To me, any argument that comes down to, make peace with the Palestinians and it will go away seems contrite and naive. How can anyone think that an ideological, ingrained response like anti-Semitism can go away simply with a geographic change (because we know peace won’t be real even if a Palestine was created) really makes me wonder about their mental acumen. I know I don’t usually use this blog as a rant against something another person wrote, but it really gets to me when opinion peaces contain silly logical inferences of this nature. And yet, even he admits that peace won’t change the circumstances of Arab anti-Semitism:
Israeli leaders are well aware that they face a new reality in their region. Whatever regime arises in Egypt, it is likely to chill even further what is already called a cold peace. The same might hold for Jordan. King Abdullah is secure for now – the Bedouin tribes need him to avoid chaos – but he, too, will have to listen to popular sentiment.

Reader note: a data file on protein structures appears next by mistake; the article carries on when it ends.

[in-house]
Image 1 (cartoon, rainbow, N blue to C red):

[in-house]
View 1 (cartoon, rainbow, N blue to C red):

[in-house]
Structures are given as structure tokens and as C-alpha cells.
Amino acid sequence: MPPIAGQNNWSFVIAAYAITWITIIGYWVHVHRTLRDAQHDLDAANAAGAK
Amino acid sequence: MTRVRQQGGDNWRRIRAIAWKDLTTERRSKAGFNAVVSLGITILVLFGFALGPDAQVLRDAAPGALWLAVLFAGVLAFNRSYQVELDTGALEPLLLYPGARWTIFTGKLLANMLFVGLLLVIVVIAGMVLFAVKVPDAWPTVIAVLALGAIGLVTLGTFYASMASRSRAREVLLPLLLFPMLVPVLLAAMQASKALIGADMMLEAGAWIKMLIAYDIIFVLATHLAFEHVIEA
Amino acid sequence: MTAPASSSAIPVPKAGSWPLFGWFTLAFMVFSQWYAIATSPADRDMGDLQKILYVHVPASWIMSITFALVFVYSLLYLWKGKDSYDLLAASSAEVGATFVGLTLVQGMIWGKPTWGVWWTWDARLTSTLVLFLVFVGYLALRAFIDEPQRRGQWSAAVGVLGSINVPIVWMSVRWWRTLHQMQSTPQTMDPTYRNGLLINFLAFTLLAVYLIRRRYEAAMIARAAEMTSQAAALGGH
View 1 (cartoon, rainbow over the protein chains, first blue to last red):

Consequently, now would be the propitious time for Israel to settle with the Palestinians. I am aware that resolution of the Palestinian issue will not satisfy anti-Semites or extreme Arab nationalists – Israel is not going to give up all of Jerusalem nor, for that matter, disappear – and both Hezbollah in Lebanon and Hamas in Gaza have only been emboldened by recent events. Still, the creation of a Palestinian state – the lifting of all the onerous restrictions on Palestinian movement – will take some air out of this particular balloon and, possibly, improve Israel’s deteriorating moral standing in Europe and elsewhere. This is no small matter.
Israel’s critics have a case. Yet they make no case when it comes to Arab anti-Semitism. The prominence of Qaradawi cannot be reassuring to Israelis. They know that words can be weapons and hate is a killer. Nonetheless, since the days of Husseini, a true Hitlerian figure, Arab nations have shamefully been granted an exception to the standards expected of the rest of the world, as if they were children. If I were an Israeli, I’d be worried. If I were an Arab, I’d be insulted. If I were a critic only of Israel, I’d be ashamed.